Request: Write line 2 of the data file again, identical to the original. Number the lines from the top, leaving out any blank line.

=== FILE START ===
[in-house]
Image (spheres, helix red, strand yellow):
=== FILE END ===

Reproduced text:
Image (spheres, helix red, strand yellow):